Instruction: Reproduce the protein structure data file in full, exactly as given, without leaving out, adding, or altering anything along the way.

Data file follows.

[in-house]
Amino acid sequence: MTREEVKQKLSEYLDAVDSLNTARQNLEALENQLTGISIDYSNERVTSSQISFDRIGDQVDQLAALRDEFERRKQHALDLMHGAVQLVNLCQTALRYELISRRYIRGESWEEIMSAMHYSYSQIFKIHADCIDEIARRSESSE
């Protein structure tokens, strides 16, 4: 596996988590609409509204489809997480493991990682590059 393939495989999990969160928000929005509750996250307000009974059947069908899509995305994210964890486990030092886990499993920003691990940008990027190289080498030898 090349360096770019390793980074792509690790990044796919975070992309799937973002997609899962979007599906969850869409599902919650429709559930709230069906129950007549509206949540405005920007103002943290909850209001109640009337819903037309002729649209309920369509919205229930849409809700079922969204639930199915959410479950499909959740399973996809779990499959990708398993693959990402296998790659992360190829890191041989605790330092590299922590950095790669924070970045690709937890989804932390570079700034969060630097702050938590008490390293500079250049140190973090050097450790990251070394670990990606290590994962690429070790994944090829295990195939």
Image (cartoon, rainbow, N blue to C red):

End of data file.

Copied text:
[in-house]
Amino acid sequence: MTREEVKQKLSEYLDAVDSLNTARQNLEALENQLTGISIDYSNERVTSSQISFDRIGDQVDQLAALRDEFERRKQHALDLMHGAVQLVNLCQTALRYELISRRYIRGESWEEIMSAMHYSYSQIFKIHADCIDEIARRSESSE
């Protein structure tokens, strides 16, 4: 596996988590609409509204489809997480493991990682590059 393939495989999990969160928000929005509750996250307000009974059947069908899509995305994210964890486990030092886990499993920003691990940008990027190289080498030898 090349360096770019390793980074792509690790990044796919975070992309799937973002997609899962979007599906969850869409599902919650429709559930709230069906129950007549509206949540405005920007103002943290909850209001109640009337819903037309002729649209309920369509919205229930849409809700079922969204639930199915959410479950499909959740399973996809779990499959990708398993693959990402296998790659992360190829890191041989605790330092590299922590950095790669924070970045690709937890989804932390570079700034969060630097702050938590008490390293500079250049140190973090050097450790990251070394670990990606290590994962690429070790994944090829295990195939």
Image (cartoon, rainbow, N blue to C red):